I had noticed her a few minutes before as she stood in line to buy a few groceries a couple dozen feet away. It could have been the smile on her face that caused me to notice. But more likely it was the scarf over her head.
Picking a small booth at the window, I carefully placed my coffee to the right. I opened the spiral notebook and thumbed through the book. It's the same book I've been reading in about this same spot for the last two weeks. At a rate of only 4 to 5 pages a day, progress is only gradual.
The book is about running a small business. I've read it before and I have to tell you, it contains some of the best advice I've ever seen. And that was my opinion when I read it the first time. Yet, I never acted on it. Sure, I talked about it and I recommended the book to others. But nothing was ever done.
As I sat and read and made notes this morning, I heard a voice from the next booth. A woman's voice, I didn't turn to see who it was. The conversation became quite lively at times. It was then that I noticed that there was only one voice.
As I headed for a refill on my house-blend, I glanced in the neighboring booth. There was the woman with the scarf, her small bag of groceries on the seat across from her and a small cup of coffee resting on the table between her outstretched hands. Her eyes were focused on her groceries and she was vividly describing her plans for her day.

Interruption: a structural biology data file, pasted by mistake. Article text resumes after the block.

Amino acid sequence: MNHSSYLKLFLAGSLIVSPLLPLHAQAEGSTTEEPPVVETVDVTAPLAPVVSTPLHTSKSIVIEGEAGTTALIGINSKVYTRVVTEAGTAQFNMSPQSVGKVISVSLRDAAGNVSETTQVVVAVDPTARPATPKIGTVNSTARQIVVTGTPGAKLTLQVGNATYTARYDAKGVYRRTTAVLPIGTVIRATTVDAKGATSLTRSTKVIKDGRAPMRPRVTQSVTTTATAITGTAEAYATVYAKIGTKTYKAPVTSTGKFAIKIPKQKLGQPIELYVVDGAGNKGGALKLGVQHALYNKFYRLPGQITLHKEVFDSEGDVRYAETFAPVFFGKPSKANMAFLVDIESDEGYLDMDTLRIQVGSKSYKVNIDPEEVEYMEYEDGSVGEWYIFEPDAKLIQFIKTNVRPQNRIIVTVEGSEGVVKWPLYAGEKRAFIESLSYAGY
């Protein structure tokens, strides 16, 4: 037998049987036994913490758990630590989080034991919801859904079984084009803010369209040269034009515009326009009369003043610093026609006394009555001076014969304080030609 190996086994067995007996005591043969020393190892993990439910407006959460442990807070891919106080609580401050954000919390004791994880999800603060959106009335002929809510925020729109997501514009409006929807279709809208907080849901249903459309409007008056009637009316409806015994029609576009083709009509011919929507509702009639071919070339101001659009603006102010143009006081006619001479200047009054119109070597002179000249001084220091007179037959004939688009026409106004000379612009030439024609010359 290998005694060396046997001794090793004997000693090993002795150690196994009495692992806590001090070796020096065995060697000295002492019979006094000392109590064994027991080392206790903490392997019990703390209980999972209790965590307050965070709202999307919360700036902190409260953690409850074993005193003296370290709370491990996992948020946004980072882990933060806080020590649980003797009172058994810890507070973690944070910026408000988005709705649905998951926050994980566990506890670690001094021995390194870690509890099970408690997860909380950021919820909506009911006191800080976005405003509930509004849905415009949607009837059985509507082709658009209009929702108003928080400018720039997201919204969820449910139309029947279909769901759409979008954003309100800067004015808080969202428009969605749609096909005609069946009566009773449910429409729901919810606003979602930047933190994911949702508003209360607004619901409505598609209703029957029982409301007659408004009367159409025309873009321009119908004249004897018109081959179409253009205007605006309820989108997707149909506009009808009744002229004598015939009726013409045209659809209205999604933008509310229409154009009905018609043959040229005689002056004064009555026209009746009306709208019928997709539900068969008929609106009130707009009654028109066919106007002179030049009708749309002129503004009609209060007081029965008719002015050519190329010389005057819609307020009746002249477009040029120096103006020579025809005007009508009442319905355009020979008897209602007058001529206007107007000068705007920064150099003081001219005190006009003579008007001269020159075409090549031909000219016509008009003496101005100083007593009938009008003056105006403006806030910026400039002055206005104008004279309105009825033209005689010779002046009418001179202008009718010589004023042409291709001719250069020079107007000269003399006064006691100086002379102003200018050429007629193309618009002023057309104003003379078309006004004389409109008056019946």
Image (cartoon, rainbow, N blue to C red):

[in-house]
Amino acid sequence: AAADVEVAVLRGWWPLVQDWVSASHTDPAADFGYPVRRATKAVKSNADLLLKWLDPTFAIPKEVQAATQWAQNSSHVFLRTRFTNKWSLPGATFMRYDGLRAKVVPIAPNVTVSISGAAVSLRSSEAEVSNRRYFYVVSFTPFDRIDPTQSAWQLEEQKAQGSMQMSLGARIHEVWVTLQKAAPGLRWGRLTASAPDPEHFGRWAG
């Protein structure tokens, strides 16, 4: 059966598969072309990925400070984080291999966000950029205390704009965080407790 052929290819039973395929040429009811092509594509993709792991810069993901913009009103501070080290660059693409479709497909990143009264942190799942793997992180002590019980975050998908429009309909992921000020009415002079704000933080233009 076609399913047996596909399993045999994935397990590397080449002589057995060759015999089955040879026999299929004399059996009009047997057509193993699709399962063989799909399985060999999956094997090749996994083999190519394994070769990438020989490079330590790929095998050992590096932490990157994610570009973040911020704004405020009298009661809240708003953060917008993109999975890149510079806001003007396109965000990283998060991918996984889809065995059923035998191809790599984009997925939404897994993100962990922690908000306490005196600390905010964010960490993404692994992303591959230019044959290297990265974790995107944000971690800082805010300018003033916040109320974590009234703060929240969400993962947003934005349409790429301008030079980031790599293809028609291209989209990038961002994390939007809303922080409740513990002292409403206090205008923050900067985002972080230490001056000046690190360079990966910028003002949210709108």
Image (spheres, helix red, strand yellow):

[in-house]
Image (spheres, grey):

From the corner of my eye, I noticed other coffee patrons beginning to pick up their cups and move to tables further away. As I passed by her table again, I looked for evidence of a cell phone. I saw nothing. Her conversation was continuing.
As I slid back into my booth, I ignored my book for a while, sipped my coffee and concentrated on her voice. Eavesdropping? I suppose. Yet, she talked loudly and showed no intent for confidentiality.
Within a minute, I discovered that the woman in the scarf was talking with her mother. And it seems that after she had gone over her calendar for the day that her mother had said something disagreeable. Thus, the argument.
Of course, her mother wasn't there. It wasn't a one-sided argument, though. It was obvious when her mother began talking. The tone was different. Finally the woman in the scarf told her mother to mind her own business. And the conversation came to an end.
I glanced at my watch, gathered my book and notebook, and stood to leave. I felt the need to speak to the woman in the scarf — to make sure that she had at least one more conversation today. But, when I turned, she was gone.
I encourage people to engage others. That's what a community is all about. Sometime today, I truly plan to follow my own advice.
Honor Christ and let him be the Lord of your life. Always be ready to give an answer when someone asks you about your hope (1 Peter 3:15 CEV).